Grafitti on a wall: "I love the USA Army. I love France." Scrawled on another wall: "Free Kuwait. Bush did it! I love CNN."
Kuwait City remains a pot-pie mix: of happy reunions, and horrific recollections of torture; of a nation breathing deeply of liberation and holding its breath for dark secrets still hidden; of expectation and despair.
But this is perhaps one of the few cities in the world where it is fun to be an American. Soldiers and civilians bask in the glow of appreciation to the United States for its lead role in liberating Kuwait.
Every night there is a big demonstration in front of the American Embassy. The American flag is not burned; it is waved gleefully by Kuwaitis.
"Everybody wants an American flag. Everybody wants a picture of George Bush," said Nasser Abdul Kareem, 27. "We can't wait until George Bush comes here. We will give him a hell of a greeting."
U.S. soldiers sometimes stroll down the parade route. They are treated like arriving conquerers. Kuwaiti families crowd around and ask them to pose for pictures. Children hug them. Men shake their hands.
This must have been what it was like for the liberating forces in World War II, except that in Muslim Kuwait, the girls don't kiss the GIs.
"Sometimes you don't think you've done much, and then somebody comes up and shakes your hand and says thanks for being in our country," said Army Spec. Connie Hayes, a military policeman from Champagne, Ill. "Then you think, well, yes, I did do something."
On the hotel message board:
"Washington Post: Nora arrived with goodies. Have no transportation. Will catch up with you later."
"I need a haircut (Not military). Bring bowl and scissors to room 351 (NBC). Will Pay U.S."
"Dear U.S. Army and the Allies. We hope you enjoy the staying."
* Reporters covering Kuwait City's wobbly return to life are treated like kings but live like peasants.
Their existence is an odd mix of high-tech and campground. They can beam their reports half-way around the world, but without much power, water or food, the best meal they can come up with is a cold peanut butter sandwich.
In the first days of the liberation of Kuwait City, reporters took over the International Hotel. It had been set afire by the departing Iraqis, but the damage was minimal. The hotel managment had fled. The reporters stepped through broken doors and moved in.
It soon became Kuwait's Grand Central: Kuwaitis, the Allied Army and reporters mixed in the hallways with flashlights. Someone posted a signboard, which became the chief means of communication. The messages scrawled on it are a rough diary.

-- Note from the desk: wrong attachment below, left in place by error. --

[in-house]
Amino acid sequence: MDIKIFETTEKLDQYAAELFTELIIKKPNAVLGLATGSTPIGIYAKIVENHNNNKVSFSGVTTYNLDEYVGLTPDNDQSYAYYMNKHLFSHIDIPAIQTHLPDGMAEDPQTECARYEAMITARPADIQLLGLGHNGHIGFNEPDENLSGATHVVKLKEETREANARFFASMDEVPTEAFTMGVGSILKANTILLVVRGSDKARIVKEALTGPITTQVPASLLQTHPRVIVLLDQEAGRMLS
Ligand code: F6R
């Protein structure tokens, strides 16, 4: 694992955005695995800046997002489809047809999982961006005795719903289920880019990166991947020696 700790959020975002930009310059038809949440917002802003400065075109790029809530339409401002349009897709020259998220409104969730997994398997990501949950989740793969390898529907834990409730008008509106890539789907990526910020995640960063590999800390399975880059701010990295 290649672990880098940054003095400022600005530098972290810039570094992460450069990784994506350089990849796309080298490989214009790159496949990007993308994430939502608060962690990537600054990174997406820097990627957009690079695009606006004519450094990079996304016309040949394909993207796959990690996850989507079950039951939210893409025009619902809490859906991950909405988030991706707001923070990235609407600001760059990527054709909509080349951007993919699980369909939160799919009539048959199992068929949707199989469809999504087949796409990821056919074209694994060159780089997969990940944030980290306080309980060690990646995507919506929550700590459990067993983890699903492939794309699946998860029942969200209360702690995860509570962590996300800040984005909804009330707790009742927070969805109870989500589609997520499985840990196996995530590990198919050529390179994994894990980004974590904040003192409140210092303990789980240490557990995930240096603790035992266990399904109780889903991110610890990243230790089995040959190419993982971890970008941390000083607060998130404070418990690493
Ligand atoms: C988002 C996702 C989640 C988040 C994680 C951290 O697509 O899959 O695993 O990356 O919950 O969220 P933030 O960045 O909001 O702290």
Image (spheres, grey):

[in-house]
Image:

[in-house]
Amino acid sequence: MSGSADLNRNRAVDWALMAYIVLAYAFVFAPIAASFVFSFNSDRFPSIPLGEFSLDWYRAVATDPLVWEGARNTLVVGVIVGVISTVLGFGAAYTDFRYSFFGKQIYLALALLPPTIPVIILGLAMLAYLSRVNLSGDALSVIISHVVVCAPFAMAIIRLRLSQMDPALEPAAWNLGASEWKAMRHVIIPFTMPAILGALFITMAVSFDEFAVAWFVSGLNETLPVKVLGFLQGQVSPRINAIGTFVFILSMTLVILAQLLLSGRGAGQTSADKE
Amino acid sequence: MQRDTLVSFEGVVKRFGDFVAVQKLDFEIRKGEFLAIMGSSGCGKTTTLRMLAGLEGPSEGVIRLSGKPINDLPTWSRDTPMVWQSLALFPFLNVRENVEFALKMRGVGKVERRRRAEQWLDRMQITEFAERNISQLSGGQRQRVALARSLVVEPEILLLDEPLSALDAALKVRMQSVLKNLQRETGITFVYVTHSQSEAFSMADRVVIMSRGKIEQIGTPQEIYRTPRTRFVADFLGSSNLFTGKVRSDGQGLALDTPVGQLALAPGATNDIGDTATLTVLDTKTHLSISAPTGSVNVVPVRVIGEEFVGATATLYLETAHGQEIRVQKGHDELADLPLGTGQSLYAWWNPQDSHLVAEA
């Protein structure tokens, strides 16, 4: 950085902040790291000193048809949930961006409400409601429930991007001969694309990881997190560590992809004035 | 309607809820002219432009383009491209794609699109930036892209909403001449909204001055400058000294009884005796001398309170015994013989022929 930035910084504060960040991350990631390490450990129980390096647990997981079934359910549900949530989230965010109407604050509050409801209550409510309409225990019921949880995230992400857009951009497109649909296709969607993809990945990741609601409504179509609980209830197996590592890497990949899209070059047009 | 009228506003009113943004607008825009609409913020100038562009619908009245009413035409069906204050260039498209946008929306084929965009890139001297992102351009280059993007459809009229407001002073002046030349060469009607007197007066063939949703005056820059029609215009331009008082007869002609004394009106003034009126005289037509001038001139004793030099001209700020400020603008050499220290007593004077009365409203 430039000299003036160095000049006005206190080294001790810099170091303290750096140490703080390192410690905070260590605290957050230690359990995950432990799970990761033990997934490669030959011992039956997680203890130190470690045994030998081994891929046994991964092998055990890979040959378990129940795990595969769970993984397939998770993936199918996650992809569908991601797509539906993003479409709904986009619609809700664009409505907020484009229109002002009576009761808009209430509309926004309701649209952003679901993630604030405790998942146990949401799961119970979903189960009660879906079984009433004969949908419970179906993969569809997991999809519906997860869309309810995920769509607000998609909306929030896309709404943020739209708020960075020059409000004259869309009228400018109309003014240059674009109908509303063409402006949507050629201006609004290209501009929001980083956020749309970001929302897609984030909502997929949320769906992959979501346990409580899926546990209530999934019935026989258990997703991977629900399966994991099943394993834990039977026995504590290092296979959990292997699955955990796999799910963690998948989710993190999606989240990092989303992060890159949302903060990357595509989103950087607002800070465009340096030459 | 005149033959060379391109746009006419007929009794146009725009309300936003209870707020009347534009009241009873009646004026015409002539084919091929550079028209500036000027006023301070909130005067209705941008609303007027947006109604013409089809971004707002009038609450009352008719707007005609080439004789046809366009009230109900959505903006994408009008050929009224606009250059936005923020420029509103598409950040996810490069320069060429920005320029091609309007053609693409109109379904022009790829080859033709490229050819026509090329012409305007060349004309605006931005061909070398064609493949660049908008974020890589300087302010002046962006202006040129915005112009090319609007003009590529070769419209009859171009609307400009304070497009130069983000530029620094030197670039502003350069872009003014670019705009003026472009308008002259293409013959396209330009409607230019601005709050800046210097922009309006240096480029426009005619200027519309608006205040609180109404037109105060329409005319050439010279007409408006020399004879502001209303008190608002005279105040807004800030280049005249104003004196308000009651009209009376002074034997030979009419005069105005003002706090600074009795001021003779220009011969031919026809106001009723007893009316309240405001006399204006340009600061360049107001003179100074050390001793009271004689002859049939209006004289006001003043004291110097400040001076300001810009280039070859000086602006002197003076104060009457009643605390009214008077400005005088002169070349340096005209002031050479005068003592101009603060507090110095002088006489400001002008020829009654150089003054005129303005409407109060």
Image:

"Greg. I'm here. Waiting."
"Newsday: Leave message if you still have typewriter and sleeping bag."
"Edie: Hamed is waiting for you outside the garage -- NOW."
"Need a new wheel and tyre for Toyota Landcruiser. Will swap for military fatigues."
"Is anyone planning to go out Sunday to see the oil fires? Please take me!"
"Missing: Spanish journalist Antonio Castel, El Observador newspaper, missing in Iraq since March 3."
It was nearly two weeks before the hotel got a generator to provide limited power and lights, and another week before a single elevator eliminated the nightly trek up the stairway -- 11 flights more or less, depending on the luck of your room draw.
The water comes on in erratic spurts, for about an hour each day. On Wednesday, 22 days after the city was freed, the hotel managment finally brought food from Saudi Arabia. They requested guests pay their back bills-- at $110 a night-- in order to get food.
* Sign in hotel lobby: "Absolutely No Unexploded Ordnanace Allowed. Turn over all Ordnance at Hotel Entrance."
* Even now, there are ironic scenes of contrast in reporting here. I type this, sitting outside, with the latest high-tech portable computer. But I must brush the flies off the keyboard at every other stroke.
To transmit the story requires a 20-minute drive at night through checkpoints with soldiers who level their automatic weapons at the driver of every car. Some of the young soldiers with their fingers on the triggers are very nervous. There have been shootings. In the pitch black of the city, it is always a tense journey.
But once at the big AT&T; satellite phone station, reporters are waved to the front of long lines of Kuwaitis who have been waiting for hours for a call. With guilt overcome by deadlines, the reporters accept the offer.
We, too, have felt the gratitude of the country. Kuwaitis -- even soldiers -- usually offer a big smile, a slight bow, and the English word "Welcome" when they recognize an American.
Westerners are ushered to the front of lines at gas stations. The gas is free to all; it is a heady feeling to drive away from the pumps without paying. But for Americans it is difficult to pay for anything. The garage mechanic pulling shrapnel out of a flat tire refuses money from Americans; the first grocery store to open tries to load up an interviewing reporter with free items.
When the wind blows the oil fire smoke away, Kuwait City is sunlit and pleasant. But often the wind brings another "black day," when the soot blankets the sky and drivers must use headlights at noon.
Then, the dismal ghost of daylight is a reminder of the dark side of the war. The gloom is unbroken by the slap of hammers or the hum of commerce, and it recalls that Kuwait is unrepaired and mostly unrepairing. On those days, the stillness of Kuwait is foreboding.
Memo on the hotel board:
"Dear Guest: Thank you for being with us. During the Holy Month of Ramadan, smoking eating or drinking in any public area is strictly prohibited. In addition, proper attire must be worn at all times. Thank you. -- The management."
Doug Struck is a Sun correspondent.